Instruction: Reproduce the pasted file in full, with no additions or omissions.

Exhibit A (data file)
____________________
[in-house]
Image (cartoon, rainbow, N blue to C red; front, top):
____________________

[in-house]
Image (cartoon, rainbow, N blue to C red; front, top):